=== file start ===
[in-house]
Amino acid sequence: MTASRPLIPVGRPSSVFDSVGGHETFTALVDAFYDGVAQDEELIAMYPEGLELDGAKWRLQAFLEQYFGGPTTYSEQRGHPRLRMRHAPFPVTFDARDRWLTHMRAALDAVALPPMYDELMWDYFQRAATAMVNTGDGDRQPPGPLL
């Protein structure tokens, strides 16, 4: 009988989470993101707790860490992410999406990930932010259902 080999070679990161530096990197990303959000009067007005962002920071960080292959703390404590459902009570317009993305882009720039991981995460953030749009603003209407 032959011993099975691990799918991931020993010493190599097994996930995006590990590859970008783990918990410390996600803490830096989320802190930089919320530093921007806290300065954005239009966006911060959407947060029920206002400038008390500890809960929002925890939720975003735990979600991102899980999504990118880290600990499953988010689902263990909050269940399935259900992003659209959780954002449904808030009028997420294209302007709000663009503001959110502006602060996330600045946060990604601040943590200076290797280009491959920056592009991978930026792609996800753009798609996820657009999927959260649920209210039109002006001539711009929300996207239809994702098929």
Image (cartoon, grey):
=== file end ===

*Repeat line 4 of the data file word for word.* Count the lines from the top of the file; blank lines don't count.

Image (cartoon, grey):